* why each of the UMM business signals were included,
* why the transactions must be considered as whole models of
  interactional behavior (process interaction, not just document
* why the business transaction patterns were formulated to make this
  interactional behavior predictable.
  (Predictable behavior is necessary to legally-binding transactions.)

The UMM transaction model is different from database-oriented
transaction models like two-phase-commit, and also different from
collaboration-level transaction models like compensating transactions.
The design starts from legal and business requirements rather than
technical requirements (not to deny technical requirements).

The UMM transaction model is derived from and compatible with previous
work on RosettaNet PIPs.  However, one distinction between ebXML use
of this transaction model is that PIP software tends to be hard-coded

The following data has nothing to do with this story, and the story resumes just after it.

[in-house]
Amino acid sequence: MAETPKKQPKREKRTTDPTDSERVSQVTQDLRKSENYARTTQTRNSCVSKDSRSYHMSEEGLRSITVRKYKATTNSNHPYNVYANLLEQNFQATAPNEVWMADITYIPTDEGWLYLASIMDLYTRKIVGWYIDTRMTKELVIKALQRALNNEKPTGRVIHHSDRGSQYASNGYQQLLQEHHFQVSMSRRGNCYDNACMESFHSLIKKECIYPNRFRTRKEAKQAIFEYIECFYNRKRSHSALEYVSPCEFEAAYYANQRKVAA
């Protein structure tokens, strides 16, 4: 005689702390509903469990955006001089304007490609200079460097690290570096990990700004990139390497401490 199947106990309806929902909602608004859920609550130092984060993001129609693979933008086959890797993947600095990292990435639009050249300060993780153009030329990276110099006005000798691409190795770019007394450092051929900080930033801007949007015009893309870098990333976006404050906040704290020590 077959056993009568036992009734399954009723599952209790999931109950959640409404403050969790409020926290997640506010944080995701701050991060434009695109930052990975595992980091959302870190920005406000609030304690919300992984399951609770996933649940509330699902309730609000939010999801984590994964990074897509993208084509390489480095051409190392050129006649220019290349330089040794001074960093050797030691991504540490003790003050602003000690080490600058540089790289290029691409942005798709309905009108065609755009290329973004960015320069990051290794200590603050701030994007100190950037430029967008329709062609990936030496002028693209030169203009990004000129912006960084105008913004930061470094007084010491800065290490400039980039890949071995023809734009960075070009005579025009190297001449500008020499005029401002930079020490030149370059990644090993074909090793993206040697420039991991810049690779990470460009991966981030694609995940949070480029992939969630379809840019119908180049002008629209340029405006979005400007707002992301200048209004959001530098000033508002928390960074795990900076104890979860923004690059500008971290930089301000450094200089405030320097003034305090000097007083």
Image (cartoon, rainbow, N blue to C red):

(new PIPs require new software code) whereas ebXML wants business
service software to be able to interpret XML representations of business
processes, that is, new processes should either require no new code 
or at least less new code.  This more-flexible software should be a 
great benefit for ecommerce standards, but will also up the ante for 
a predictable transaction model to give predictable results.

The BPSS v 0.99 deviates from the UMM transaction metamodel in
the following ways that must be considered in terms of legal and
business requirements, not just technical niceties:

Lines 420-421:
A) "A business transaction is realized as Business Document Flows 
between the requesting and responding activities." This is a very
misleading statement. As stated above, documents and document
flows alone cannot effect a legally-binding business transaction
according to the UMM transaction model (and the cited authorities).
Only the structure and rules of the whole transaction model can
effect a transaction.  (This is the distinction that Jim Clark sometimes
calls "process interaction semantics, instead of message exchange

Lines 1672, 2385:
B)  The "isSuccess" property on DocumentFlow appears to pay off
the misconception of issue #1. "An expression whose evaluation 
results in TRUE or FALSE as the determination of whether this 
DocumentFlow should be considered the successful initiation or 
conclusion of a BusinessTransaction."  The Document Flow
cannot determine success or failure of the transaction; only